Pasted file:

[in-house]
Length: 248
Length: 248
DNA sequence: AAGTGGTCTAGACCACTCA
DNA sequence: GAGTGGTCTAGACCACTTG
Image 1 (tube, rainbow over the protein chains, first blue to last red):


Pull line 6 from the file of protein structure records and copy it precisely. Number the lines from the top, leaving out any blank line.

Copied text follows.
Image 1 (tube, rainbow over the protein chains, first blue to last red):